Unlike my previous several projects, I am doing at least some of the
assembly on the cookbook shelves before finishing. Worse yet, I will
probably be using stain.
I tried to remove all of the squeeze-out during the glue-up, but I was
working quickly and I am sure I got a gluey fingertip on the work at
least once or twice. I'm sure because I found such a spot today.
Even though I presanded everything, I decided to lightly resand the
outside faces at least. But how much is enough, and how do I check?
I just wiped some mineral spirits over one of the assemblies. I figure
any glue spots wouldn't "change color" due to being wet. Does that sound
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On Saturday, August 16, 2014 12:56:49 PM UTC-5, Greg Guarino wrote:
Don't worry about any fingerprints. It's a cookbook shelf. Chalk it up as cookbook shelf decor. Prolly, thems womens folk (and applicable mens folk) will have their cookingbooking fingerprints all over it, in no time.
Those cooking clean-freaks will think it's their messy prints and will huff and puff to scrub them off, so you're good to go, with a clear conscience.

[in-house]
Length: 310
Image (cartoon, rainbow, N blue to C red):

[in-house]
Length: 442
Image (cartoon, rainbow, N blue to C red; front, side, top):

This was your first mistake.
Never attempt to remove glue squeezeout during assembly. It will only
make things worse. To deal with glue squeezeout:
Complete your assembly.
Take care not to disturb any glue squeezeout. Let it rise and leave it
Wait until the adhesive has begun to cure (with aliphatic resins, this
is usually about 15-20 minutes). You can wait longer, but there is most
definitely a 'sweet spot' in the timing for every adhesive.
With a sharp chisel, shave the glue line. Adhesive that has squeezed out
in beads will pop off the surface very easily and cleanly. Glue that has
formed a continuous line of squeezeout may require waiting a little
longer, but when the timing is right, it will peel off the wood and
leave no residue.
Let the glue finish hardening. You can then lightly shave or scrape the
joint to make sure you've removed it all.
This works because the squeezeout is just sitting on the wood, and has
not penetrated into the wood's fibers, so its bond to the wood is
extremely weak. Trying to wipe it or wash it off while it's wet or
sticky simply pushes it into the fibers, making clean removal extremely
difficult. I don't know how that wiping/washing method ever got pushed
by so-called experts, but it's an exercise in futility.
Yes. Any liquid will darken the wood as it absorbs the liquid, and glue
residue will remain a lighter color since it absorbs the liquid much
less. That's why errant glue is a problem in the first place.
This is my signature. Really. I'm not kidding. Stop reading now.
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